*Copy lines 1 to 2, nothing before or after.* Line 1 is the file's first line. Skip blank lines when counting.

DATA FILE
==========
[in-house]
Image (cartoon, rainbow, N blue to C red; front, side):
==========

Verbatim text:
[in-house]
Image (cartoon, rainbow, N blue to C red; front, side):